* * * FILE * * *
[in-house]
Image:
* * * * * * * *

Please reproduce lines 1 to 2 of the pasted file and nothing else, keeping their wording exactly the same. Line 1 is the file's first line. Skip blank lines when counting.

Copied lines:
[in-house]
Image: